- If your dog has suddenly stopped eating, don’t ignore it — It could be a sign of something more serious.
- There are many reasons why your dog may not be eating — An underlying health or behavioral issue could be to blame.
- Take your dog to the vet if you notice red flags — Vomiting, diarrhea, or a lack of thirst are all signs that you should get your dog to the veterinarian.
- Suspect your dog’s food or schedule is to blame? — Try some useful tips to enhance your dog’s diet and daily routine.
Is your dog’s food bowl always full? Are they turning down their favorite treats? If your dog stops eating their food, something’s probably up. Dogs may go on hunger strike because of underlying physical or psychological issues.
Common reasons why a dog won’t eat
Underlying health issues
Your dog may not be eating because they’re facing one of these physical causes:
- Illness. This is probably one of the most common reasons why your dog isn’t eating. Look out for a fever, cough, or other cold and viral symptoms. Your dog’s eating should return to normal as they recover.
- Recent vaccinations. In some rare circumstances, recent vaccinations can have negative side effects on a dog’s body, one of which may be a loss of appetite. Vaccinations can make your dog feel drowsy and lethargic – these side effects are usually short-lived.
- Medications. Certain medications may cause an upset stomach, making your dog not want to eat. If your dog is on chemotherapy or anti-inflammatory medicines, sometimes these cause nausea and stomach aches in dogs.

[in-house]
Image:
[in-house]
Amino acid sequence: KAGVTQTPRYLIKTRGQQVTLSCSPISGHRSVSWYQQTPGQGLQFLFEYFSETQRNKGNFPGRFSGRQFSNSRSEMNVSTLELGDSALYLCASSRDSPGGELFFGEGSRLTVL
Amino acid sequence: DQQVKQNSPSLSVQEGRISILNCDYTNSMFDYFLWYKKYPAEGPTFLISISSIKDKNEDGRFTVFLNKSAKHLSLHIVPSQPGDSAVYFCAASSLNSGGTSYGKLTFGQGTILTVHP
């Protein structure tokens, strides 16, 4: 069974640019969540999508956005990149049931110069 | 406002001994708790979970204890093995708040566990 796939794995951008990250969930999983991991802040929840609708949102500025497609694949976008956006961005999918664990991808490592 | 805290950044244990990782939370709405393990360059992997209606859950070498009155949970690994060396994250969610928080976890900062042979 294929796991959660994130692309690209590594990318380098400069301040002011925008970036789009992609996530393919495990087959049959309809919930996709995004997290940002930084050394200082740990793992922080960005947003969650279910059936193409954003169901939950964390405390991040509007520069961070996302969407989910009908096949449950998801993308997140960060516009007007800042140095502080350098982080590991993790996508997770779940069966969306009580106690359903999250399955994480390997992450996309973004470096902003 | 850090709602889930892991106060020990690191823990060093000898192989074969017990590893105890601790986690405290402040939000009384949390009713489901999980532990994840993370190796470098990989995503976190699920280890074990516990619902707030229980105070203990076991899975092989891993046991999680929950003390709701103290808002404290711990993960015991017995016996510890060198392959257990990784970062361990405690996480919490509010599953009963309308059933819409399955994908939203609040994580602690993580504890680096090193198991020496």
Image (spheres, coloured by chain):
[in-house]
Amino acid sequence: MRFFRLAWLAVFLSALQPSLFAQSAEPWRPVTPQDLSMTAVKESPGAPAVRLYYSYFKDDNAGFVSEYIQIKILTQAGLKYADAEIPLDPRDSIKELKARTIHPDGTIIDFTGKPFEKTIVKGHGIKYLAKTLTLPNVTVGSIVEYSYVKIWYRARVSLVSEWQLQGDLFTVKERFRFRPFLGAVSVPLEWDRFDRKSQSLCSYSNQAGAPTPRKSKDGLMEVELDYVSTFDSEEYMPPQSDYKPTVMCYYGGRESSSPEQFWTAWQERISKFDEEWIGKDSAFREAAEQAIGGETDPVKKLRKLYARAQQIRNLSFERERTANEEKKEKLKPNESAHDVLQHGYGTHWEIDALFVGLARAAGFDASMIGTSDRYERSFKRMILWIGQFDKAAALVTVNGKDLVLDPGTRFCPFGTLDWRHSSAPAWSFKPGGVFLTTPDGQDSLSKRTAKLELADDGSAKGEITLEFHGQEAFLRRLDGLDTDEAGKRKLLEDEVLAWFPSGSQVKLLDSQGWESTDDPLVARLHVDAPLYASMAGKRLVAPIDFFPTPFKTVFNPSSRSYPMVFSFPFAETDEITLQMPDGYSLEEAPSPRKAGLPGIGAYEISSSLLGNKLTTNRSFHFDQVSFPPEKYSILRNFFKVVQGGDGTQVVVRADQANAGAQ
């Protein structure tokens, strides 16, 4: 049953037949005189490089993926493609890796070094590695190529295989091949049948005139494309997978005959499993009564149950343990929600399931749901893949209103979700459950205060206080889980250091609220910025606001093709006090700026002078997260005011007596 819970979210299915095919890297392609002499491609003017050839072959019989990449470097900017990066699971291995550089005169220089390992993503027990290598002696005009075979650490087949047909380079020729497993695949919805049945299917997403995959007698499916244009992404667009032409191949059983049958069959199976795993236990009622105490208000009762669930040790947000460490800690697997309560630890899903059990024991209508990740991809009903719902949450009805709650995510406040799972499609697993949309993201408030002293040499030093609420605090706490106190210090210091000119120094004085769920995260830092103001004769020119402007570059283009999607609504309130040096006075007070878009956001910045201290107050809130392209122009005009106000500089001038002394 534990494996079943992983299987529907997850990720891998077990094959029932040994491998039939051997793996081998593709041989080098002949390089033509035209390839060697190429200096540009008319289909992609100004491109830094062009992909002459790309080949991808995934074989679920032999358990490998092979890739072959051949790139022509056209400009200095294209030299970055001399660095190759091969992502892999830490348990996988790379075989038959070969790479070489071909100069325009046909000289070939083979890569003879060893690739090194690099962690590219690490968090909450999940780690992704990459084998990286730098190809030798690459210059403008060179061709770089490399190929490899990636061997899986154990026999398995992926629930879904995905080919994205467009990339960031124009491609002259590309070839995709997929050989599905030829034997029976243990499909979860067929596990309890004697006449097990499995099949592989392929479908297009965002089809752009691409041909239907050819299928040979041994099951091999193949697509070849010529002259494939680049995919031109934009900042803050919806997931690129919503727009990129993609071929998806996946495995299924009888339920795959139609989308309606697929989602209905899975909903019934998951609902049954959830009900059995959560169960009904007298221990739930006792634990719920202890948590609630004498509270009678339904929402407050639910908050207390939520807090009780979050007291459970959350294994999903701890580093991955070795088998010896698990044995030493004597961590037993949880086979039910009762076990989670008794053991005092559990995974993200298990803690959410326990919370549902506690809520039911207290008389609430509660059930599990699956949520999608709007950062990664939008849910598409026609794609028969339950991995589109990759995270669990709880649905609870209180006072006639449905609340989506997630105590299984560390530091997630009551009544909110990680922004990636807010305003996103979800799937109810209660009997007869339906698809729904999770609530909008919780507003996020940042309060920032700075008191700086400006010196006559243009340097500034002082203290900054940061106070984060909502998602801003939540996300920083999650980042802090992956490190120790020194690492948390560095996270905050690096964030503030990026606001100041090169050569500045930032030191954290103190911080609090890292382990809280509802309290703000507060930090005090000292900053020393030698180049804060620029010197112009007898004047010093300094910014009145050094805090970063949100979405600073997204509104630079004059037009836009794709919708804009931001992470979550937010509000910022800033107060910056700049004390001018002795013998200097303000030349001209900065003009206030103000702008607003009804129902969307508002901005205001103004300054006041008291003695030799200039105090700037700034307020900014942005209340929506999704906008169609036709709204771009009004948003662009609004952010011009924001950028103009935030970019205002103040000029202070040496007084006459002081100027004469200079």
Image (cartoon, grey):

- Dental disease. A painful mouth can cause your dog to stop eating. Your pup could have periodontal disease which causes loose or fractured teeth. Oral foreign bodies can also affect a dog’s appetite.
Emotional and mental health issues
Dog’s have emotions too, and believe it or not, these feelings could be to blame for their lack of appetite:
- Travel. Changes to a dog’s normal environment can cause them to stop eating. If you’re driving in the car, too much movement may make your pup motion sick — this can cause an upset stomach and vomiting.
- Unfamiliar setting. Dogs like familiar places which they recognize by their sense of smell. If you move them to new environments where they feel threatened, they may stop eating.
- Stress. General stress can make your dog less hungry. Avoid stress by treating them with constant care and by sticking to a healthy routine. Your dog could also suffer from separation anxiety which is when their caregivers leave for extended periods of time.
Issues with a dog’s food or schedule
- Time of day. If your dog tends to eat at the same time every day, any changes to its schedule may cause them to stop eating.
- Food preference. Your dog might just not like the food you’re feeding them. Certain dogs can be so picky that they’ll refuse to eat something that doesn’t meet their preference. Dogs are smart. They may catch onto the fact that if they don’t eat their food, they’ll get to eat something they do like (probably people food). Some dogs will hold out for days waiting for table scraps!
- Food quality. Believe it or not, a dog may be able to sniff out bad-quality food. If this is the case for your pup, it’s time to switch up their food regimen.
My dog is getting older and eats less
As your dog gets older, you may notice that they begin to lose their appetite. Sometimes a dog’s senses start failing as they get older, which means that food doesn’t taste or smell as good as it once did.
👉 Try heating your dog’s food up! Heating food makes it smell stronger and better and may make it more appealing to your pet.
When should you visit the vet?
It never really hurts to take your dog to the vet, even if their lack of appetite is due to something harmless. It’s especially important to go to the vet if you answered yes to any of the above questions. Make sure to mention any other strange symptoms or behavior your dog is showing to the vet and they’ll proceed with other tests or a plan to help you feed your dog. The vet will rule out any potential causes of your dog’s change in eating.